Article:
For those who prefer a textile, many manufacturers offer fabric shades. These options are more expensive than plastic or metal, but usually competitive with wood. And, these shades typically insulate the window and prevent light transmission better than other window treatments.
Size and Fit
When choosing the best blinds for large windows or small, it’s important to know how their sizes and fits work.
Those who prefer their blinds to sit inside the window frame can measure from side jamb to side jamb to get the width, and top jamb to sill to get the overall height. Generally speaking, the width of the curtain should be as close to the actual width as possible without being larger. For instance, for a 30.25-inch jamb measurement, a 30-inch blind will be fine, while 30.5 inches would be too wide. For length, choose a length just slightly longer than the overall height of the window frame.
Anyone who prefers their window shades to sit in front of the frame may want to choose a size 2 or 3 inches wider than the window itself to allow for overhang on either side. Also, add at least a few inches to the overall height to account for mounting these blinds higher than the opening.
Today’s window treatments are a far cry from the simple curtains and plastic blinds of old. Today’s models may have extra features:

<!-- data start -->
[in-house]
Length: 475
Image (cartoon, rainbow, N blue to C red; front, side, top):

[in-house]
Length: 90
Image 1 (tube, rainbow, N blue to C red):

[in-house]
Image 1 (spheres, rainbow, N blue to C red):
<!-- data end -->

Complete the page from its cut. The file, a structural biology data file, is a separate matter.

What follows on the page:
- Soundproofing: Soundproofing is a great choice for anyone who needs to block out road noise, neighbors, or a noisy garage band next door. These blinds minimize sound transfer, making them a good choice for window blinds for living rooms, bedrooms, or even media rooms.
- Blackout: Natural light is great, but for folks who work nights or like to sleep in, sunlight could be disrupting their sleep. In these scenarios, blackout curtains that fit well within the window will block light from entering the room, improving sleep quality.
- Room darkening: Like blackout curtains, room darkening blinds regulate the amount of light that penetrates through the window. These blinds don’t block out as much light as blackouts, but that is by design.
- Thermal insulation: A lot of conditioned air, whether heated or cooled, manages to escape through windows. Blinds with thermal insulation do their best to keep hot or cold air where it belongs, keeping the space more comfortable.
- Remote controls: Many of the best blinds feature remote controls or even Bluetooth tech that allows the user to raise, lower, close, or open their blinds without touching them.